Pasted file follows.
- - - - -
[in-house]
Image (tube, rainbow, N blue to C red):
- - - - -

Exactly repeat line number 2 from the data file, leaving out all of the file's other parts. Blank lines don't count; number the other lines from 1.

Image (tube, rainbow, N blue to C red):